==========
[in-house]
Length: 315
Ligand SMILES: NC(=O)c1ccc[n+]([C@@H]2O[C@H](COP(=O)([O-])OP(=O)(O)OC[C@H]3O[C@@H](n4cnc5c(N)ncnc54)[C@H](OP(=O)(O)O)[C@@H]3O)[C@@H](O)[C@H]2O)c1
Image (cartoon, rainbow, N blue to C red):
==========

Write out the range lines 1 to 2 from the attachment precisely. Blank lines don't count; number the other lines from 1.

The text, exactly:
[in-house]
Length: 315